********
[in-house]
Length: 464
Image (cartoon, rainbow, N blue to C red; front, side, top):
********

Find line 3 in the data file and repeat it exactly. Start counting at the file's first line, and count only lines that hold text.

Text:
Image (cartoon, rainbow, N blue to C red; front, side, top):